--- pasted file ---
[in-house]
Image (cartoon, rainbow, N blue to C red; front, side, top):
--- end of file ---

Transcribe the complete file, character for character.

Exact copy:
[in-house]
Image (cartoon, rainbow, N blue to C red; front, side, top):